“We wanted them to understand that America had a vexed relationship with Cuba and Cuba wasn’t necessarily all in the wrong,” Dr. Radel said.

Donnellan wasn’t sure how that would play out in the country, when Cubans realized where the group was from. She was pleasantly surprised.

“I didn’t feel any animosity toward Americans or America as a whole,” she said. “I think the Cubans are as curious about Americans as we are about Cubans.”

Foster called them “some of the warmest people in the world.”

“The poorer areas we were in, the more generous the Cubans were to us,” Donnellan said.



he students weren’t the only ones encountering surprises. “I thought of Havana as a quaint, colonial place,” Dr. Radel said. “It’s a huge city.”He also saw more development and more evidence of social classes than he expected.

“If you’re in downtown Havana and you want to pay for it, there are some very nice hotels,” Dr. Letteri said. Certain streets “would rival the French quarter in New Orleans.”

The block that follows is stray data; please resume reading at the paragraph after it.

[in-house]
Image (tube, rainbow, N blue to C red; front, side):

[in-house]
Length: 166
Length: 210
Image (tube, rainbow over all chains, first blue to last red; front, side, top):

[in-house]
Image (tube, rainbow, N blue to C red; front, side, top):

On the other hand, there were constant reminders that many Cubans live in a perpetual state of deprivation. A bathroom might occasionally have soap, but rarely paper towels. Items considered basic necessities in the States – dish soap, toilet paper, medications – are hard to come by.

Oppressive heat brought the Americans up close to the realities of unreliable electrical service and absent or non-functioning air conditioning units. And aside from sweet fresh fruits, the cuisine didn’t spark the palate like many in the group expected.

“We ate more rice and beans than I ever have in my entire life,” Donnellan said.

Tourism has been operating in Cuba for decades. It’s only that Americans have been mostly absent. Donnellan met travelers from Denmark, Australia and Canada.

Since the industry is government-run, the Furman group expected – and got – a healthy dose of propaganda, both in talks and the selection of sights that were deemed must-see. But group members felt free to talk with both their guides and the few people they met who spoke English.

Foster recalled one of the guides telling her, “I don’t love socialism, but I don’t hate it.”

But in another encounter, an older Cuban used an expletive and the word “dictator” to talk about Fidel Castro.

“He just went on and on,” Foster said.

Traveling in Europe, even when it’s new for students, quickly becomes a comfortable and normal-feeling experience. Cuba was not like that.

“This, as they stayed longer and longer, got stranger and stranger and more difficult for them,” Dr. Letteri said.

Coming home, the travelers learned quickly that people here were eager for a glimpse of life in a country that’s among our nearest neighbors.